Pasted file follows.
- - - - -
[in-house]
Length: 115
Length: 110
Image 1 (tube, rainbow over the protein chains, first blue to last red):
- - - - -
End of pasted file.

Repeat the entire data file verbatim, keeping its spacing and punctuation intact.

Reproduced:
[in-house]
Length: 115
Length: 110
Image 1 (tube, rainbow over the protein chains, first blue to last red):